Last year's constitutional referendum was approved by some 51.3 percent of Turkish voters. This level of support by no means guaranteed Erdogan the presidential seat. However, an alliance with the nationalist MHP to bolster numbers may also come at the expense of losing the conservative Kurdish vote.
In the same speech in which he backed Erdogan's bid, Bahceli said the town of Afrin "should either be totally destroyed, or the terrorists over there burned". This was a reference to the largely Kurdish-populated town in Northern Syria, the site of a Turkish military intervention on grounds the town was controlled by Syrian Kurdish forces affiliated with the Kurdistan Workers' Party (PKK), perceived by Ankara as an existential threat to the nation.
This is the central point of the AK Party-MHP pre-election alliance, which has named itself the People's Alliance. The main argument of its manifesto centres on threats to Turkey such as terrorism or coups. The People's Alliance is the only solution, it claims, accusing its opponents of serving the interests of enemies of the state.
A loose alliance
When the snap election was announced, the main opposition Republican People's Party (CHP) lent 15 deputies to the IYI Party to ensure the latter's eligibility under electoral regulations.
This attempt to capture a pivotal role was a surprising move by the CHP. Not only because the party has been the subject of frequent criticism for being reactive rather than active when it comes to the AK Party, but also because the IYI Party was considered a rival.
More surprising still was the decision from the Felicity Party (SP), representing the religious National Outlook movement and the roots of the AK Party, to turn down an invitation by the People's Alliance, choosing instead to join the opposition. The SP, which lacks parliamentary representation, being unable to pass the 10-percent election barrier, may yet play a crucial role, attracting religious voters unhappy with the AK Party.
The SP teamed up with the CHP and the IYI Party to find a common presidential candidate. However, time was short and they proved unable to reach an agreement. Opting to field their own candidates, they nonetheless united to form the Nation Alliance.
Deputy Prime Minister Bekir Bozdag has framed this co-operation among the opposition parties as an "alliance of anger", claiming "what motivates them is not Turkey's interests, its future or things to be done, it is simply opposition to Recep Tayyip Erdogan."
The Nation Alliance manifesto promises separation of powers based on powerful legislation in parliament. It also underlines the concepts of rule of law, compromise and civil rights, especially freedom of expression and independent media. However, the Nation Alliance has excluded the third-biggest party in Parliament, the HDP. While the CHP and the SP signalled they might be willing to include the pro-Kurdish party, they proved unable to convince the nationalist IYI Party.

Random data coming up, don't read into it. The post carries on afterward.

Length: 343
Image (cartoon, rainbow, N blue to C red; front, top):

The Nation Alliance is further undermined by its multiplicity of candidates. The aim is to win a ticket to the second round, should Erdogan fail to win more than 50 percent of the votes in the first. But the current strategy means Nation Alliance candidates are competing not only against Erdogan, but also against each other.
The opposition, however, has more than one goal in mind: even if they fall short of the presidency, they are aiming at least to gain a parliamentary majority. The turnout for the IYI Party is unknown, since this will be its first election, while the SP's haul was less than 1 percent in the last election, but is certainly increasing. Reluctant voters for either party will be thinking the same thing: "the alliance means my vote will not be wasted; we can pass the election threshold".
However, this plan's success depends on the HDP's performance. It collected 10.8 percent of the vote at the previous election in 2015, but it is uncertain whether it will clear the threshold this time. If it falls short, almost all the seats in the Kurdish-speaking areas will go to the AK Party. Estimates suggest the HDP's failure to make it to parliament would translate to around 60 more seats for the AK Party.
There is an expression in Turkish: the calculations made at home may not match the market. On 24 June, Turkey will learn which pre-election alliances' estimates have proved accurate.
© Qantara.de 2018